Amanda Stevens reveals how a relentless focus on client care has propelled Hudgells ahead
Six former post office subpostmasters rejoiced that they could ‘start living again’ when the court recently quashed convictions for fraud. The convictions, which had blighted their lives for many years, had stemmed from a faulty IT system.
Three of the six were represented by Hudgells, which has helped a further 33 former subpostmasters to overturn similar convictions; and is currently adding more to its books.
This high-profile action is just one of an impressive list of newsworthy claims brought by the Hull-headquartered firm, which used to be best known as a hungry gobbler of personal injury work in progress from firms that were exiting the personal injury market.
Other highlights include acting for Windrush victims; for families of victims of the Manchester Arena bombing; and representing prisoner Steven Gallant, who confronted and stopped the London Bridge terrorist when on day release last year – enabling him to apply for early release from prison following a royal pardon.
The firm was set up by solicitor Neil Hudgell in 1997. It has grown into a thriving practice with an annual turnover of more than £10m, 132 staff and offices in Hull, London and Manchester.
In 2011, it launched webuyanyfiles.com, and fuelled its expansion by capitalising on the panicked exodus of many firms from the PI market in light of the Jackson costs review. We Buy Any Files has completed around 50 deals to date, worth nearly £10m.
But the firm’s ambitions did not end there. In 2016 it persuaded personal injury star Amanda Stevens, a hugely respected former president of the Association of Personal Injury Lawyers, to join from Irwin Mitchell (IM).
Stevens, who has always had a passion for management and chaired the national medium term strategy group at IM, spent a year getting to know Hudgells as group head of legal practice, before stepping into the newly created role of chief executive in April 2017, tasked with developing a three-year strategic plan.
Having achieved that plan, in May this year she transitioned to managing partner, focusing on developing the firm in London and the South.
At the point when Stevens joined the firm, the trade in PI files had dampened down somewhat. Hudgells had large PI and clinical negligence practices and a strong criminal injuries compensation authority (CICA) practice; and its civil liberties team was just getting off the ground.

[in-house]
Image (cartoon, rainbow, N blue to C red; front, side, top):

“In 2017, we asked ourselves: do we want to grow bigger?” recalls Stevens. “We had already shot from a high street firm to a national name. We decided that size didn’t really matter. It was about taking pride in our work, doing the job well, and providing excellent client care. It is nice to be recognised more widely, but that core is still there.
"That is what pulsates through every day in our offices. Doing what you do well, and if you can add more core areas, and more niches, then you will if you can do them well.”
Since 2017 the firm has added travel law and child abuse law to its repertoire; built up its civil liberties team; and grown its group claims capability. Future niches might include a specialist mesothelioma team, specialisms within the motor injury sector or sports injury.
Stevens is keen to stress how a complete focus on client care is the strand that runs through every aspect of Hudgells, and ultimately lies at the heart of its success. But doesn’t every law firm cite client care as its number one priority? Is Hudgells really any better at this than its competitors?
The proof of the pudding runs along the bottom of Hudgells’ homepage – a live stream of Trustpilot reviews. The vast majority of these are five stars, often heaping praise on individual fee-earners.
“We were one of the first law firms to have the Trustpilot scores on our website,” remarks Stevens. “We feel it’s important. You can’t pick and choose the reviews – they’re independent”.
Hudgells sees these continuous Trustpilot reviews as an essential way of proving its track record to a client base that, by its very nature, rarely involves repeat customers because most people only ever litigate once.
But the reviews have the extra benefit of shining a light on how individual fee-earners are performing, so that praise – or occasionally a managerial nudge – can be given when appropriate. And many of the reviews receive a personal reply from the firm, adding to the sense that this is a transparent and approachable law firm.
Shaking things up
When Stevens became CEO, Hudgells had grown big, very quickly, but its structure had not kept pace, so there were plenty of easy wins to be had. Keen to capture useful feedback from every source available, Stevens hired external consultants with experience of working at the likes of IBM and Virgin; but she was also careful to make sure she listened to the most important voices – the staff.
She held one-to-one or small group sessions with every employee. “I wanted to see what the staff thought, wanted them to feel they were able to be open and express themselves,” Stevens explains.
A big first step was to introduce a proper management structure into the firm, rather than having responsibilities rest with lawyers who were also busy looking after clients. “I decided we had got to build a proper managerial ops team,” says Stevens. “I brought in a head of IT who was experienced, and had just done a remote server upgrade for the firm.”
Remote working became a key part of the firm’s strategy, particularly after the decision was taken – shortly before the covid-19 pandemic – to scale back the Leeds office.
“People wanted to work remotely, so that was good for our recruitment strategy. We started gently; as we weren’t sure if it would work, or if it would affect our sense of togetherness as a firm. But then the decision to [scale back] the Leeds office gave it more of an oomph, which was followed by the pandemic. We had the model for it, so we were able to adopt it more widely more quickly.”
Stevens also set up an inhouse costs capability within the firm. On the communications side, she introduced a staff intranet and newsletter to build collegiality; and set up an ‘annual review’ document to showcase the firm’s achievements during the year. Staff can access a confidential, more detailed version, so that they can see where the firm is headed and plan their own career path within it.
Is the firm still buying up caseloads from other practices? The acquisitions market has slowed, but Hudgells is still interested in doing deals, if they are right for the firm – and right for the client being transferred across.